The Hershey Story Museum

In 1938, Hershey Museum moved to the newly remodeled Convention Hall.
In 1938, Hershey Museum moved to the newly remodeled Convention Hall.
Hershey Museum, 1940
Hershey Museum, 1940
The Hershey Story, The Museum on Chocolate Avenue, 2009
The Hershey Story, The Museum on Chocolate Avenue, 2009

Hershey American Indian Museum, located on East Derry Road, opened in 1933.
Hershey American Indian Museum, located on East Derry Road, opened in 1933.

 The Hershey Story Museum is one of several educational and cultural institutions established by Milton Hershey, founder of the Hershey Chocolate Company, during his lifetime between the founding of the Hershey community in 1903 and his death in 1945.  Hershey intended to make his community a model town - an interesting and enjoyable place to live, work, and visit.  In addition to endowing a school for orphaned boys, Hershey contributed millions of dollars for the creation of first-class amenities, including a community center, hotel, botanical garden, zoo, theater, arena, stadium and museum.
 
The Museum, founded in 1933, originally consisted of a significant collection of Native North American artifacts assembled by John G. Worth of Philadelphia.  Worth, a knowledgeable collector of American Indian material culture, spent many years in the American West, and served as a civilian scout during the last of the Indian Wars.  Known as the Hershey American Indian Museum, the museum was housed in a former residence located on Derry Road, just north of the chocolate factory.
 
In 1935, encouraged by the success of his museum, Hershey purchased a substantial collection of Pennsylvania-German artifacts from the estate of George H. Danner of nearby Manheim, Lancaster County.  Danner owned and operated a private museum consisting primarily of objects from the Central Pennsylvania region.  In 1938, the Museum moved to the Convention Hall/Ice Palace that had been remodeled to accommodate both the Pennsylvania-German and the American Indian collections.
 
In its new location Hershey Museum continued to operate as a division of  Hershey Estates, the company which oversaw the non-chocolate Hershey businesses.  Though the Museum had no formal collection policy, it became the natural recipient of objects relating to Hershey - the founder, the town, and the industry.  Until 1974, the museum employed a single full-time caretaker to maintain exhibits, records, collections, and the building.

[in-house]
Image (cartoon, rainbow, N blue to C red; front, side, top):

In 1974, John Strawbridge, the new director, supervised repairs to the main structure of the museum building, instituted basic collections management policies and techniques, and established a plan for the development of permanent exhibits.  Realizing the exceptional quality of its collections, he began to steer the Museum toward a more public role in the region.  Exhibits were reorganized with a focus on interpretation, and sound collection management policies were vigorously pursued.  Educational programs and outreach activities grew rapidly.  Making the Museum’s diverse and interesting collections accessible to as many people as possible emerged as a top priority for the growing staff.
 
Beginning in 1971, Hershey Park began the process of redeveloping itself as a themed amusement park.  As a result, the Hershey community experienced a renewed emphasis as a tourist destination.  In 1973, due to overwhelming crowds, the Hershey Chocolate factory tour was replaced with a simulated factory tour ride at Hershey’s Chocolate World Visitor’s Center.  Located just a few minutes walk from the Museum, Hershey’s Chocolate World sparked a resurgence of visitor interest in Milton S. Hershey.
 
In 1982, ownership of Hershey Museum was transferred to The M.S. Hershey Foundation, a private foundation established by Milton Hershey in 1935 to support educational and cultural activities in Derry Township.  Support from the Foundation and the ability to seek grants and charitable contributions has enabled the Museum to continue expanding services to the public and better manage and exhibit its collections. 
 
Over the next few decades, Hershey Museum sought ways to respond to increasing visitor requests for information about the history of Milton Hershey and his legacy. In 1982 the museum opened a new exhibit, “The Man Behind the Chocolate Bar,” its first exhibit focused on Milton Hershey and his legacy.  That was followed by a more extensive exhibit titled “Built on Chocolate,” that opened in 1992.
 
The museum’s location in the old Convention Hall presented significant challenges to its operation.  Access to the museum was limited in summer months as most visitors were interested in visiting Hersheypark. The space itself was in need of repair, with leaking roofs and inadequate electrical service.  The 30 foot ceilings made the facility difficult to light.
 
In 2007, after years of planning and assorted delays, the Foundation broke ground for a new facility for the museum.  The Hershey Story, The Museum on Chocolate Avenue opened on January 9, 2009.  The new museum offers visitors an educational, fun-filled, imaginative, and immersive environment to explore the many stories of Milton Hershey and his legacy. Attractions include the Museum Experience, a series of engaging exhibits; the Chocolate Lab, a place that explores the qualities of chocolate through hands-on experiences and interactive demonstrations; and a special exhibit gallery that allows the museum to present changing exhibits.  The museum also includes Tastings: Chocolate From Around The World, an area where visitors can taste the unique flavors of chocolates sourced from different countries, The Pantry Café, and the Museum Shop selling an array of items reflecting the history and traditions of Hershey.
 

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